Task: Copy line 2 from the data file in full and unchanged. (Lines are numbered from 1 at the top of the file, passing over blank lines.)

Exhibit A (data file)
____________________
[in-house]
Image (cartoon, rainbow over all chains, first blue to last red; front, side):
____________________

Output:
Image (cartoon, rainbow over all chains, first blue to last red; front, side):